January 5, 2011
1530 Posts
Offline
Posted: April 10, 2014, 9:12 am - IP Logged

The lottery's ability to go online was tucked into a 2009 state law that authorized a statewide construction program by raising taxes and fees on liquor, driver's licenses and candy bars.

Nice one.

Expansion of the lottery (tax) hidden in a tax increase legislation for an unrelated construction project as an earmark!

WTG Illinois. No Nod

    helpmewin's avatar - dandy
    u$a
    United States
    Member #106669
    February 22, 2011
    17499 Posts
    Online
    Posted: April 10, 2014, 9:16 am - IP Logged

    Can't please everyone Thud

                     

      Gleno's avatar - Lottery-001.jpg
      New Jersey
      United States
      Member #80354
      September 25, 2009
      290 Posts
      Offline
      Posted: April 10, 2014, 9:59 am - IP Logged

      This is a "surprise"  news story.

      Could you imagine if everyone could buy lottery tickets across state lines, using a Lottery App? 

      Will State lotteries will be able to prevent out of state buyers from participating?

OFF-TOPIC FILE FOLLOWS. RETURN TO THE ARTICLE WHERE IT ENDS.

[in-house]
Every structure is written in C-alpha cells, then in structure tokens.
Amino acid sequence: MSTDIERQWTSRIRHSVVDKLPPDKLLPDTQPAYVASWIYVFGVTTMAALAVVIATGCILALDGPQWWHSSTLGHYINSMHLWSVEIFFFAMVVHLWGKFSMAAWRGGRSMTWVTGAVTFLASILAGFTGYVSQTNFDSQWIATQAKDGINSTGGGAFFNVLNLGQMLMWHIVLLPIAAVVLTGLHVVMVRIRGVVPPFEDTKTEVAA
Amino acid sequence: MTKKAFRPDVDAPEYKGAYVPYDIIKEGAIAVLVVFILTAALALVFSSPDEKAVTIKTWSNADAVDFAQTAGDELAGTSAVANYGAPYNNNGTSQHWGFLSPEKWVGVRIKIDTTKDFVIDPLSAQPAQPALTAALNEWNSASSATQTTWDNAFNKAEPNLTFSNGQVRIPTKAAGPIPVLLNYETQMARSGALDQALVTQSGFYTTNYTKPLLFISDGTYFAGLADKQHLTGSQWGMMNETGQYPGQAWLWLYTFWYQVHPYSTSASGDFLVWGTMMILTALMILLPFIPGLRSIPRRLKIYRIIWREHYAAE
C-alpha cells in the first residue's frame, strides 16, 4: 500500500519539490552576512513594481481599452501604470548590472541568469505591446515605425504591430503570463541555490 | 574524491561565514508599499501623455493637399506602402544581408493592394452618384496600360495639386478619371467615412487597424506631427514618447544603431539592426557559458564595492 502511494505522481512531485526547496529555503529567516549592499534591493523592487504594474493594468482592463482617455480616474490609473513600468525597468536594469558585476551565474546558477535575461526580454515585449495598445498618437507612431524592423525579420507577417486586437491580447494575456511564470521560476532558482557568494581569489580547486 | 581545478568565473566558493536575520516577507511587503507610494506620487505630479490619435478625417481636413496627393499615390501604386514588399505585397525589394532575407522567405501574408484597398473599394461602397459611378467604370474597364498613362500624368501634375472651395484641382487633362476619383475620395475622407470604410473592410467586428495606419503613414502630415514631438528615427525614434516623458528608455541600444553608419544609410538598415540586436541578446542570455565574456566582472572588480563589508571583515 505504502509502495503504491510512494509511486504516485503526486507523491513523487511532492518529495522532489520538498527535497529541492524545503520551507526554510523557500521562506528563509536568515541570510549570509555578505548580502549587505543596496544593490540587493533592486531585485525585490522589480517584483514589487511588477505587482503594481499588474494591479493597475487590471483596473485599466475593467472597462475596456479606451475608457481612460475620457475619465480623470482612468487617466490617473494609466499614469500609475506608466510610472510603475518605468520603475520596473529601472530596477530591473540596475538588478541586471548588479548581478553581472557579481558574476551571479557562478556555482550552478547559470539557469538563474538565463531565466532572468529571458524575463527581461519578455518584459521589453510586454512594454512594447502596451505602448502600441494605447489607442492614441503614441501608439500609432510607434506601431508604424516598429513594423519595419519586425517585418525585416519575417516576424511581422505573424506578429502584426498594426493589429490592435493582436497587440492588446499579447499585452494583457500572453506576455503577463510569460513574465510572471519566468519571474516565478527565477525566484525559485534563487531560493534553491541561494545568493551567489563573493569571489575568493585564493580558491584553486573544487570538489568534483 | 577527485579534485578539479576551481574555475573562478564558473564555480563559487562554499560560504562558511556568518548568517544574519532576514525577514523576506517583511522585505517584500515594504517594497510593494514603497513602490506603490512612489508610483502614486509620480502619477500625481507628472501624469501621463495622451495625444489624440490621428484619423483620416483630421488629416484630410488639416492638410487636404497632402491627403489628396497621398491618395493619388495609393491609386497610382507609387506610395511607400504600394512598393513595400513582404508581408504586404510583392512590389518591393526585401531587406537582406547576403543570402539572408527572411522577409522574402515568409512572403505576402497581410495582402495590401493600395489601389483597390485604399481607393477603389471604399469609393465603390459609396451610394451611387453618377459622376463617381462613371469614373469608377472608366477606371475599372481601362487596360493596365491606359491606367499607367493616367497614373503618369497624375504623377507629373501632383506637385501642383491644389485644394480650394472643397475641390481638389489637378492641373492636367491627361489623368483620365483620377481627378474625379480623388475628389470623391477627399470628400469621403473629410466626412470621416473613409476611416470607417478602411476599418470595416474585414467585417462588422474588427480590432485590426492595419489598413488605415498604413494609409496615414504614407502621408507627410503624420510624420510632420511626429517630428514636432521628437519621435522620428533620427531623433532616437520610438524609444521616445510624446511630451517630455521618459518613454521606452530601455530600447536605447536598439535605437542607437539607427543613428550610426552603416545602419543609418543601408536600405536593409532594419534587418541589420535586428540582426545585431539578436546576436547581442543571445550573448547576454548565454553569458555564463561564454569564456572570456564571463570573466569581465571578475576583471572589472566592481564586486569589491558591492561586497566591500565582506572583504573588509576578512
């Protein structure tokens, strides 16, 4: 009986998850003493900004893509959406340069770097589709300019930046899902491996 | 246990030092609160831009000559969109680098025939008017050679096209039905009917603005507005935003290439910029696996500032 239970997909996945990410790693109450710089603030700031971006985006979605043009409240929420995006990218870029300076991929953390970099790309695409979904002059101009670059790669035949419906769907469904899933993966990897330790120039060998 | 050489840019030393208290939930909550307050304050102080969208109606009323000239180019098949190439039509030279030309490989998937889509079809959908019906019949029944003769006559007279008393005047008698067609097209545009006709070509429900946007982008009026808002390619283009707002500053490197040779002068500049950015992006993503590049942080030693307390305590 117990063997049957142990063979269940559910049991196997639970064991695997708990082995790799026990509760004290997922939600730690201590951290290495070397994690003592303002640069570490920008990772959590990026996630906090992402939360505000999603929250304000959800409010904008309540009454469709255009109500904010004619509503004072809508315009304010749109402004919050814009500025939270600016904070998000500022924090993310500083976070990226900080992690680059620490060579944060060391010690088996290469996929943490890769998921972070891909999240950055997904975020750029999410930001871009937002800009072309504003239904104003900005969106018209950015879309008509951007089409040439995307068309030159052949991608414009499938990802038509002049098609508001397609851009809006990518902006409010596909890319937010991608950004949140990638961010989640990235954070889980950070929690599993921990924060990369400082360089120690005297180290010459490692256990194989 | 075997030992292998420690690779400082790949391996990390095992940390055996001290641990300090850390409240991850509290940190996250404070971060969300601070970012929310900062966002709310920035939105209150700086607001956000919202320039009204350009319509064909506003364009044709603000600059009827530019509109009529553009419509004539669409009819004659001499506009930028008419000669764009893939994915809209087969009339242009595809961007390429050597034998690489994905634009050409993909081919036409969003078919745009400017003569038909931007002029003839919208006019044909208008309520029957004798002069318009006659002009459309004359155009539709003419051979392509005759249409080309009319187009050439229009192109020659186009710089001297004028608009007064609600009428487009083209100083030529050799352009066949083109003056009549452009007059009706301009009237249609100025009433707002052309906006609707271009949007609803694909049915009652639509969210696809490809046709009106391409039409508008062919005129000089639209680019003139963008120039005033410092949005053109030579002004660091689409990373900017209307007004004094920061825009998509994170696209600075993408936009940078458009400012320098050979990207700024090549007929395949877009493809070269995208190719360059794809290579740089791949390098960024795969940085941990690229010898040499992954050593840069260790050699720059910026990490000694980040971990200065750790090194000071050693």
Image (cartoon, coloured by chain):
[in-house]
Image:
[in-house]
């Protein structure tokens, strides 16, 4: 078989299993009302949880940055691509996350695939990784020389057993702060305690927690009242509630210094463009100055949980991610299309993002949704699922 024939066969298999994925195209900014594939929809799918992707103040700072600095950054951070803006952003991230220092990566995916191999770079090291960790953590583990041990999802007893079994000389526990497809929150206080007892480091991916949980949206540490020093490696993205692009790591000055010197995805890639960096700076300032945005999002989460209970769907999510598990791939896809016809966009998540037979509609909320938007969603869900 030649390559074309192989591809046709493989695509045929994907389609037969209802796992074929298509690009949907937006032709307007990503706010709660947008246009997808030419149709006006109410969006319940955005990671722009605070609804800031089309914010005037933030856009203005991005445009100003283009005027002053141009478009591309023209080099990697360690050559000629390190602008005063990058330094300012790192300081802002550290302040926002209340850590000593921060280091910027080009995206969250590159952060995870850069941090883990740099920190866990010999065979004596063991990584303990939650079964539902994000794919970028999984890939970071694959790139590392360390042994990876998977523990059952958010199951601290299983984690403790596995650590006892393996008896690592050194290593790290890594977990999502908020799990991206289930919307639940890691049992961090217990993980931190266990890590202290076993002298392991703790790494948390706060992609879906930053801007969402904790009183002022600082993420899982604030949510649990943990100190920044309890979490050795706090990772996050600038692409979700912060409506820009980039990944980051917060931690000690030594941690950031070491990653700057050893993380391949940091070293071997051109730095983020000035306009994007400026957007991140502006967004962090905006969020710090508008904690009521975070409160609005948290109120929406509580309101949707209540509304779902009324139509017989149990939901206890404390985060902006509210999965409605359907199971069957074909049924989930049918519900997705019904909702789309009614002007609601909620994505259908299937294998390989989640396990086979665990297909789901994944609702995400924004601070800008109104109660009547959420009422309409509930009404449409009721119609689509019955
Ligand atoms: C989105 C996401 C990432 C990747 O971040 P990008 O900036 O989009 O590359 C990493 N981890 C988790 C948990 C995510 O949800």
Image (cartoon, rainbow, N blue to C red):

And the issue of retailers being over passed  commisiions will certainly stir up some law suits. 

      Congress is already at work to prevent online casino gambling. 

      Should be interesting to see how this developes.

      What?

        dpoly1's avatar - driver
        PA
        United States
        Member #66141
        October 16, 2008
        1450 Posts
        Offline
        Posted: April 10, 2014, 10:44 am - IP Logged

        How long before these apps are hacked & people are ripped off?

        Evil Looking

        dpoly1 - Playing the lottery to save the jobs of those that build, transport, sell & maintain luxury items! -

         

        Eschew Poverty ........... Vote Conservative!

          hearsetrax's avatar - 78638c467ef281febf24383e126f74b6

          United States
          Member #52345
          May 21, 2007
          1882 Posts
          Offline
          Posted: April 10, 2014, 10:54 am - IP Logged

          How long before these apps are hacked & people are ripped off?

          Evil Looking

          Crazy


            United States
            Member #154124
            April 4, 2014
            5 Posts
            Offline
            Posted: April 10, 2014, 11:34 am - IP Logged

            This is just BS saying they will put a limit on tickets purchased.

            They don't have an incentive to limit players from buying tickets. This is how they make money.

            On the other hand, if it will eventually help people play across state lines, then that could be a benefit.

              rcbbuckeye's avatar - Lottery-043.jpg